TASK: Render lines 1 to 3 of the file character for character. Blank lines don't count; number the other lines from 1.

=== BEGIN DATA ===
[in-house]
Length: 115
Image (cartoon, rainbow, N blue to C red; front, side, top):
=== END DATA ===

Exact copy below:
[in-house]
Length: 115
Image (cartoon, rainbow, N blue to C red; front, side, top):